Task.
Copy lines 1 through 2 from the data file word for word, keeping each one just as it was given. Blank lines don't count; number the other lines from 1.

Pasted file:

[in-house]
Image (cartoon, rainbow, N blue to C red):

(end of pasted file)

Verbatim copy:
[in-house]
Image (cartoon, rainbow, N blue to C red):